Dubroff: Diablo Canyon nuclear plant could keep the lights on a little longer
Betting on Pacific Gas & Electric to get big things right has proven to be a risky gamble.
From deadly natural gas explosions to massive fires caused by faulty power lines to rolling blackouts, PG&E has more often gotten the big things wrong.
Which is why a recent study about the future of the Diablo Canyon Nuclear Plant near San Luis Obispo caught my eye. The study, authored by researchers from MIT and Stanford, argues that it could be more cost-effective to extend the life of the plant than to shut it down as scheduled, beginning in 2025, when its operating licenses from the Nuclear Regulatory Commission begin to expire.
As The Economist noted in a recent article, the 2018 agreement with regulators and environmental advocates to shut the plant when its licenses expires did not account for one of California’s worst droughts, the loss of hydro power as reservoirs dried up, and heat waves that are stressing power generating supplies, leading the burning of more fossil fuels.
Under these conditions, the study states, loss of Diablo Canyon, which provides 9% of California’s electricity without emitting any greenhouse gasses, could make California even more dependent on power production from natural gas.
It’s hard to base a major public policy shift on one academic study. And seismic risks, which came into sharp focus after the Fukushima nuclear plant disaster in Japan, will be a factor in any decision to extend the plant’s life.
To get the California Public Utilities Commission, the Nuclear Regulatory Commission, and other regulators and politicians to reverse course and allow the plant to continue to operate is going to take a bureaucratic shift of mammoth proportion.
But Diablo Canyon, which opened in 1985, has operated safely thus far and there may be ways to mitigate one of its worst impacts: the release of warm cooling water into the Pacific Ocean.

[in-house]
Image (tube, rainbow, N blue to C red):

And the license extension does not have to be open-ended. The Biden administration is pushing forward with plans to site a large wind farm off the coast at Morro Bay. The $1.2 trillion infrastructure package, and state surplus money, could presumably be used to invest in battery storage and grid enhancements to make renewables a more consistent source of power.
In the end, Diablo Canyon’s twin generators probably have too much capacity to do the job, and ever-present seismic risk would argue against another 25 years of operations.
But a flexible license extension that would extend the plant’s life until Morro Bay and other wind projects come on stream, and until storage is adequate to cover shortfalls, seems worthy of more study.
The economic benefits of a phased wind-down of Diablo Canyon to the San Luis Obispo-Santa Maria area would be significant.
Employment would remain at or close to current levels, support for schools would likely continue and contracts with area businesses would remain or even increase. And nothing would stop planning to go forward for post-nuclear operations on land available for redevelopment after the plant closes.
Meanwhile, examples of unexpected climate impacts upending policy decisions abound. In Texas, the unexpected winter freeze cause massive power outages and a spike in natural gas costs largely because regulators never required pipeline operators to prepare for a possible freeze.
Meanwhile, the EU and Britain are finding out that the transition to renewables is not as easy as it looks on paper — especially when heat waves reduce wind power and drive-up demand. Germany’s decision to walk away from nuclear power makes it more dependent on Russia for natural gas.
Getting public policy decisions right is complicated and PG&E’s track record for understanding complexity is suspect. Climate change is a wild card.
Which is why California’s regulators, utilities, environmentalists and other stakeholders should re-examine what’s best for consumers as the clock on closing Diablo Canyon ticks down.
• Henry Dubroff is owner and editor of the Pacific Coast Business Times. He can be reached at email@example.com.